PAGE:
Crafting a Coaching Agreement: 7 Samples & Templates

Crafting a Coaching Agreement

Like any good service provider, a smart coach knows to use an agreement with clients. A service agreement sets the tone for the relationship going forward, outlines expectations, and includes all relevant information that clients need to know when getting started.

A coaching agreement is a service agreement designed specifically for the coaching relationship. It’s vital to craft a good, readable agreement for coaching, given the way most clients likely interact with agreements like these. People are used to service agreements for things like internet service and utilities, but they generally handle them by immediately scrolling to the bottom and clicking “sign” without having read any of the content.

As a coach, you want to set your clients up for success, and getting on the same page via a well-crafted coaching agreement is one of the first opportunities to set the right tone.

What is a Life Coaching Agreement Contract?

A life coaching agreement contract is a coaching agreement that is specifically designed for a life coaching arrangement. It outlines the specifics of the relationship between coach and client, one that is often not well understood by those outside the industry.

A good life coaching agreement should leave no doubts as to what the relationship entails, what is expected of each party, and how service delivery will happen (e.g., phone calls, in-person sessions, video chats).

Digital coaching agreements like Quenza’s Client Agreement (pictured) outline the specifics of the relationship between coach and client.

So what does that look like, on a more granular level? Let’s get into the details!

33 Things To Include and Questions To Ask Clients

When you’re crafting a coaching agreement, you need to make sure all your bases are covered. Here are two handy lists to guide you.

Make sure to include these in your coaching agreement:

  1. Contact data for you and your client (e.g., phone number, email address, physical address).
  2. The purpose and goal(s) of the coaching relationship (be specific).
  3. The level of support you offer as a coach.
  4. The tools or coaching software you use to support the coaching process.
  5. Opportunities and limits of the coaching process (e.g., what your coaching can and can’t do, amount of progress the client should realistically expect).
  6. Payment details (e.g., how much, how often, how to pay).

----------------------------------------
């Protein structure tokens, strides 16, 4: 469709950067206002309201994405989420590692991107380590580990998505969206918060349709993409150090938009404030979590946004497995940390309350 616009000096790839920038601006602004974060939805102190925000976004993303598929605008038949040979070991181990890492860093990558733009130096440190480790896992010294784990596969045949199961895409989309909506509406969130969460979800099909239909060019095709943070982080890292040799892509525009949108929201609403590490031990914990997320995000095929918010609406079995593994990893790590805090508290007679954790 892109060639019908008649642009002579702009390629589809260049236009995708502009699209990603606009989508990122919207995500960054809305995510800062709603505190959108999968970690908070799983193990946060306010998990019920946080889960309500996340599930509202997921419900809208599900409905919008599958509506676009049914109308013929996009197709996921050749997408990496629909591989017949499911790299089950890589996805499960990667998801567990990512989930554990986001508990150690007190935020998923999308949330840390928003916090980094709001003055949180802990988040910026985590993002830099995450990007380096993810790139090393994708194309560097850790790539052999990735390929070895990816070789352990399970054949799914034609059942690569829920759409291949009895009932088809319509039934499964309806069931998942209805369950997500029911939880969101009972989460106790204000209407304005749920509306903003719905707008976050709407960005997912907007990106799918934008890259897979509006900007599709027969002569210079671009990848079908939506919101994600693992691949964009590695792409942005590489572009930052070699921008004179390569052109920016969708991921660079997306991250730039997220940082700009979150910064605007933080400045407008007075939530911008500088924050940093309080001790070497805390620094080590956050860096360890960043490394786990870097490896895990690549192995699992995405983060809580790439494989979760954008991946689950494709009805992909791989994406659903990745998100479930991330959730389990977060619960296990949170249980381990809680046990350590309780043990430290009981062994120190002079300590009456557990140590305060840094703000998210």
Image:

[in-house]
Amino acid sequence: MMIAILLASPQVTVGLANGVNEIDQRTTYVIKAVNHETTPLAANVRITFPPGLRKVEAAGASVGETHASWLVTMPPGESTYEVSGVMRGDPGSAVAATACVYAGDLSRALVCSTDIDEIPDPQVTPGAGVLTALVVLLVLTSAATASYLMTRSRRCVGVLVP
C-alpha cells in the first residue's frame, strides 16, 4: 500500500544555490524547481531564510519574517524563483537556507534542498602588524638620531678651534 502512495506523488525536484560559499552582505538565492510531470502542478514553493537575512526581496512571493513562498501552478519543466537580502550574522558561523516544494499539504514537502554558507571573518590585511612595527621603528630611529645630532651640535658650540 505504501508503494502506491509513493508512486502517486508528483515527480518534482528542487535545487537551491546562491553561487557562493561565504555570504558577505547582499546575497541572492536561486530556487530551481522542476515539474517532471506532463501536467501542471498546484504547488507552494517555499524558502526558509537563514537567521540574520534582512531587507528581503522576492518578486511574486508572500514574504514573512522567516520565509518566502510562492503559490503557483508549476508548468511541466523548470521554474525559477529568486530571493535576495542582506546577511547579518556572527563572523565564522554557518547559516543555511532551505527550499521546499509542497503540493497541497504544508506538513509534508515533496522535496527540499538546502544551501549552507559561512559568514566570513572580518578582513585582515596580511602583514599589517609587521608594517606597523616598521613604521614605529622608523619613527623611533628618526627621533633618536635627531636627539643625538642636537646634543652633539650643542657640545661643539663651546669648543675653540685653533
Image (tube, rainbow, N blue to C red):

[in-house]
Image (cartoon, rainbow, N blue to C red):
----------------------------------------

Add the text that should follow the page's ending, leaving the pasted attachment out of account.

7. Scheduling and cancellation policies (e.g., clear rules for scheduling, rescheduling, and cancellation of sessions).
  8. Confidentiality and data protection (how you will store and use their personal information, and how you will protect).
  9. The coaching process (e.g., where and how coaching takes place, the expected time frame, length between sessions, communication, and support between sessions).
  10. Expectations for coach and client (e.g., what the client should expect from the coach in terms of communications, techniques, methods, expertise).
  11. A success disclaimer (e.g., a disclaimer that the client is responsible for the outcomes of the coaching journey, and success will depend on how they implement the advice and guidance of the coach).
  12. What the client is responsible for (e.g., reminders that clients need to be accountable; they are responsible for being available, staying engaged, sharing pertinent information, etc.).
  13. A general disclaimer that coaching is not a replacement or substitute for online therapy, and that coaches will not diagnose or treat disorders.
  14. Terms for ending the coaching relationship (e.g., how it will end, when it will end, what each party is responsible for).
  15. Refund policy (e.g., whether the coach offers refunds and if so, how and when).[1]

If you include all 15 of the points above, you’ll be ahead of the curve!

Your coaching agreement can probably answer just about any question your clients might have.

Coaching is a two-way relationship; it’s also important to think about the information you need to collect from your clients at the beginning of the coaching relationship.

However, coaching is a two-way relationship; it’s also important to think about the information you need to collect from your clients at the beginning of the coaching relationship.

Information To Collect From Clients

Use this list of questions to guide you in determining what you need from your clients and how to collect it:

  1. Where do you get your energy—what motivates and turns you on? What are you passionate about?
  2. What moves you to tears of joy/sorrow?
  3. How do you like to enjoy yourself? What do you enjoy doing?
  4. What do you find works for you to make you feel better when you are experiencing stress?
  5. Where are you likely to be most irresponsible?
  6. What emotion (anger, fear, anxiety, etc.) may make you feel most out of control?
  7. How might you sabotage your coaching progress and our professional relationship?
  8. How will you know how effective our coaching has been?
  9. Are you willing to tell me if you feel our coaching needs to go in a different direction or give me any other honest feedback?
  10. How can I best coach you? For instance, do you like lots of structure or things done informally or a mix of both?
  11. Do you understand that I will support YOU, not just your goals?
  12. What are your values—the things in life that are really important to you? (If you are not sure of this we will find out as part of the coaching process.)
  13. What career or business opportunities are you currently not making the most/anything of?
  14. What are three personal desires you are currently not pursuing?
  15. Is there anyone in your life who is constantly putting you down, making you feel inadequate, or whom you feel you have to tread carefully around?